‘Too rare to be wasted’: NC GOP leaders questioning Gov. Cooper’s vaccine rollout plan

North Carolina news

RALEIGH, N.C. (WNCN) – Republican state legislative leaders say they plan to question officials in Gov. Roy Cooper’s administration next week about the COVID-19 vaccine rollout as the CDC reports the state has administered about 22 percent of the shots distributed to North Carolina.

The state recently moved to Phase 1B of distribution, allowing people 75 and older to get the vaccine. However, supplies are limited and some counties are unable to move to that phase at this point.

“Those vaccines are too rare to be wasted in any way whatsoever,” said House Speaker Tim Moore (R). “Why is it taking so long to get these vaccines out?”

Nationally, about 28 percent of doses distributed have been administered, according to the CDC.

This week, Gov. Cooper activated the National Guard to help with the vaccine rollout, saying planning for the Guard’s involvement had been underway in the lead-up to the vaccine becoming available.

“These things have been planned ahead of time and now we are providing the assistance to the different health departments and facilities that need the help,” Cooper said Wednesday.

This is happening as the state continues to set records on some of the key COVID-19 metrics. On Thursday, the Department of Health and Human Services reported more than 10,000 new daily cases for the first time since the pandemic began. There was also a new high of 3,960 people in the hospital due to COVID-19.

“The folks who are calling us back home are saying do all you can to make sure those vaccines are getting out there. So, I do think the executive branch is under some pressure right now,” said Moore. “That needs to happen because the resources are there. We’ve appropriated enough money to do it. It just needs to happen.”

A legislative oversight committee will meet Tuesday afternoon to take a closer look at the issue. The next day, the General Assembly will convene for the first time since the November election. Republicans continue to control the House and Senate but do not have veto-proof majorities.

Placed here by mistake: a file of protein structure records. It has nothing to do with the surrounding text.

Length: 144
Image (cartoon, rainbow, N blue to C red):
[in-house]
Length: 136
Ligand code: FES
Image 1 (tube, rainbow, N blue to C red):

Sen. Wiley Nickel (D-Wake) said, “The governor is doing all he can. He just activated the National Guard to help with vaccine distribution. The governor and all of his staff are virtually singularly focused on vaccine distribution.”

The pandemic is expected to impact much of the legislative session. Last year, Republicans attempted to pass a variety of bills aimed at curbing Gov. Cooper’s executive authority and lifting some of the restrictions he put in place in response to the pandemic. Cooper vetoed those bills and Republicans failed to get enough Democrats to join them in overriding Cooper’s vetoes.

Moore said he wants to revisit that issue, saying the law should be clear that the Governor needs the concurrence of the Council of State to implement his emergency orders. The council is a group of ten statewide elected officials, including the governor. It’s comprised of six Republicans and four Democrats.

“No one person, no one governor, Republican, Democrat, whatever, should have the power to shut the economy down to such an extent as what we saw in the past,” Moore said. “Restrictions may make sense. There are things that need to be done. But, it’s a matter of how you do it and making sure there’s transparency to it and more buy-in than just the opinion of one person.”

Sen. Nickel voted to sustain the governor’s vetoes last year.

“I hope and pray that Republicans understand that this is not a one-party system. They need to work with Senate Democrats and the need to work with Gov. Cooper,” he said.

Moore also said he thinks the vaccine distribution plan needs to be “more nuanced” to potentially allow more seniors and those with underlying health conditions to move up the line faster.

He said he intends to get the vaccine when it’s his turn. He does not think the vaccine should be mandated for the broad population, but he noted there could be some exceptions such as in congregate living facilities and public schools as long as the vaccines are shown to be safe and effective for children following clinical trials.

“We require vaccinations for those already and children have to be vaccinated for a number of things, so I think it should fall in line with that,” Moore said.

Copyright 2021 Nexstar Inc. All rights reserved. This material may not be published, broadcast, rewritten, or redistributed.

Trending Stories

Click here for full list of trending stories